The subject of this notice was a son of Andrew and Nancy Means, both of Irish descent. He was born in Randolph county, North Carolina, January 26, 1800; embraced religion at Rock Spring camp ground, Overton county, Tenn., in November, 1822, under the influence of ministers Robert Guthrie, Hiram A. Hunter, James S. Guthrie, and David Foster. Father Means soon after joined the Cumberland Presbyterian Church, and went to work by assisting in holding prayer meetings, etc. During the camp meeting season, in the year 1823, Father Means felt the impression that he was to preach the gospel, and that it was, "woe is me if I preach not the gospel." Father Means left Overton county, Tenn., and settled in Clay county, Mo. It was at a camp meeting in Clay county, Mo., that Father Means determined to go into the work of the ministry. At the next meeting of Lebanon Presbytery he became a candidate for the ministry. In 1830, the Barnett Presbytery was constituted, and he became a member of that Presbytery; at a meeting of Barnett Presbytery, in 1832, on the 4th day of April, he was licensed to preach the gospel. He remained in the bounds of this Presbytery until 1836, laboring with the brethren of said Presbytery. In the fall of 1836, he returned to Overton county, Tenn., and in 1837, joined Chapman Presbytery, and in the fall of 1838, on the 22d day of October, he was ordained by said Presbytery, and set apart to the whole work of the ministry. Shortly afterwards, the Synod formed the Sparta Presbytery, and he became a member of said Presbytery.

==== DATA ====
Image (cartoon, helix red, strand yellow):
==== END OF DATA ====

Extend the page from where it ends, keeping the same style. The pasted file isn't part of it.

In 1848 he came to Texas, and in 1849, he joined the Texas Presbytery, with which he remained until the day of his death, missing but few meeting during a period of thirty years. He had just returned home from the last meeting of his Presbytery, "when he was taken sick"--where he had assisted for the last time in the work of his Master, in endeavoring to promote the interests of his beloved Zion. In the life of Father Means we had fully demonstrated, both by precept and example, the realities of the Christian religion. God in his providence has seen fit to call Father Means from our midst, and what is our loss is his eternal gain; he has been called from the labors of the Church militant, to the enjoyments of the Church triumphant. His labors are at an end, and he has entered the joys of the finally faithful. It can be truthfully said of father Means that he was a good man, his highest aim in life was to love God, honor his cause, do good, and to persuade sinners to flee the wrath to come.
Father Means was married twice; his first wife was a Miss Nancy Carlock, they were married on the day of _____ in the State of Tennessee. They lived happily together to see a ripe old age, raising a large family of children to be grown, and to see the most, "if not all of them," to become members of the Church, and settled in life. His first wife died some time after the close of the war, and after the lapse of some two or more years, he married a widow King, of this (Nacogdoches) county, Texas. They had no children. Father Means leaves a wife, several children, and a large circle of friends to mourn their loss.
[Source: The Cumberland Presbyterian, March 18, 1880, page 2]